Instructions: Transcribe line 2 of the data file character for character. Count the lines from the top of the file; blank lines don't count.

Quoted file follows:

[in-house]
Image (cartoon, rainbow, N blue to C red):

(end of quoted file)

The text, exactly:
Image (cartoon, rainbow, N blue to C red):